Humbling to realise that I’m so fortunate here in Nepal – to have a roof over my head providing a safe haven and the ability to wash myself and my clothes straight from a tap. Not needing to go to the nearest (visibly dirty) river to wash them. How lucky I am to have clothes at all – to wash and to wear. How blessed I am to have the strength, health, vitality and hands to wash. To work. To touch.

Feet to walk. To tread carefully. And run carelessly.

So, here I am again… far from home. They say home is where the heart is. There is definitely a big part of my heart back in England. But I’ve also left significant pieces of my heart all over this world that I’ve wandered. I’m trying to keep my heart here too. So that it can become my home again for a short while. I hope that I can keep my heart open to all the incredible people here.

I’m grateful for my friends and family. Near and far. All those who have touched and continue to touch my life. My heart. My hand.

I’m thinking more clearly here. Appreciating the time and space to reflect. To Ponder. Pray. Plan. Despite the noise, despite the pollution, despite the hustle and bustle, despite the confusion - I’m seeing more plainly, hearing more astutely and feeling more truly. I do really like Nepal. I like the exotic, I like the familiar. It’s good to be back. 

Sunday, 24 July 2011

Its been an incredibly busy week, but again I've left myself very little time to fill you in, as my stay in Kota Kinablu is rapidly nearing an end :-s

I'll have to try to catch up properly when I'm back in the UK...!

So, in summary:

* Most rewarding experience: Visiting burnt-down Iban village with caring Charlie Chan - helping to provide much needed water supplies, housing materials and basic medical care to the locals.

* Best scenery: Beaches, cliffs and jungle at beautiful Bako National park.

* Best wildlife: Wild, timid proboscis monkeys at Bako and amazing, astounding, agile Orangutans at Semengoh rehabilitation sanctuary.

* Biggest "wow" moment: The overwhelmingly magnificent Deer cave, at Mulu National park, one of the largest caves in the world, and the stunning, refreshing water for swimming at Clearwater cave.

* Most terrifying moment: Being chased by the "beast of Borneo"/an angry wild boar, through the pitch-black overgrown jungle during an exciting night hike with Dan.

* Most interesting/heart-breaking hospital cases: A poor man who had been the victim of a 'Hit and Run' - horrific wounds and multiple unstable, open fractures :( and another man suffering with a horrific, blistering and infected skin condition 'Pemphigus vulgaris', who had been rejected by his family due to his condition and disfigurement.

* Most disappointing moment: Losing all of my pictures from my 8GB SD card... really hope I'll be able to recover them once I'm back in the UK. Unfortunately attempts here have been terribly time-consuming and frustratingly futile.

* Most fun experience: Getting totally drenched while racing through a torrential tropical downpour in the middle of the dense Borneo jungle, leaping through puddles and over giant tree roots.

* Most "urgh" moment: Horrible body aches, exhaustion, diarrhea, nausea and fever :( Still feeling a tad fragile, but hopefully I'm on the road to recovery now....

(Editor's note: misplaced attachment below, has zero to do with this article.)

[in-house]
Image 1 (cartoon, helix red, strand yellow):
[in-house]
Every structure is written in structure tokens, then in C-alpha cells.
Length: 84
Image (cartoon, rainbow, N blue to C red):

* Best dinner and dancing: At the Kinabalu yacht club, after sea-kayaking and swimming with my wonderful "Malaysian mum", Kartini.

There are many more special memories and even more special people who have touched my life over the past week (from the hospital, from church, from Lavender lodge, from Sarawak and from the Hash harriers), but time does not allow me to elaborate now.

Hopefully, I will have some time once I'm back in the UK (wishful thinking perhaps - we arrive back into Heathrow at 6.30am and need to be in Addenbrookes hospital at 9am, agh!)

Until next time then, I'll love you and leave you. With love, Em xx

“I've learned that people will forget what you said, people will forget what you did, but people will never forget how you made them feel.” - Maya Angelo

Friday, 15 July 2011

Alive :)


I really don't have much time right now, in fact I literally just have 5 mins, but I just wanted to write a little note to let you know that I'm still alive :)

Its been a bit of a crazy week to be honest.

I've narrowly avoided being inadvertently cast in a German porn film and/or human trafficked, I've run away from a man demanding my money, been picked up in a van at night by 3 men who actually rescued me from the man who wanted to mug me and survived a tropical storm :)

Have also encountered lots of interesting cases in the hospital - pancreatitis, assault, construction workers falling from 2nd floor of building....have taken bloods, performed ECGs, been on a few ambulance calls adn examined a few very distended abdomens...and met lots of lovely people.

I've been swimming with turtles and hiking with monkeys.

Off to rural clinic in a few hours, must dash, much love, miss you all xxxx 

Wednesday, 6 July 2011

Highs and lows


So, I've survived my 2nd week in Borneo :) It has rained a LOT - and I'm talking torrential monsoon, wet-through-to-your-underwear-rain. Its been a busy week, with some real highs and lows...

* Lows:

I've had a few challenging experiences in the hospital this week, especially involving the unexpected deaths of young people. One particular case was a 24 year old girl, who presented to the Emergency Department following a collapse, with her very loving and anxious mother. An ECG revealed that she had heart block and ventricular fibrillation. Consequently, she was cardioverted (shocked) and then externally paced (a temporary measure to regulate her heart beat).

Later however, I discovered that she needed a pacemaker (surgery), but was not entitled to one because she was not Malaysian. I was informed that it would cost "thousands" for her to have a pacemaker and  her family simply could not afford it. End of story. I was deeply troubled by this. How is it that money should buy us life? Buy us time?

I resolved that I would try to find out exactly how much it would cost and then see whether I could somehow try to raise the funds myself... it just didn't seem right to me that someone so young, with so much ahead of them should miss out on the experiences and opportunities that we take for granted. However, by the very next day, when I returned to see her, I was already too late... she had died just a few hours earlier :(

* Low to high to low:

A man presented with shortness of breath and atrial fibrillation. Then, he suddenly went into asystole (flatline/ no cardiac activity).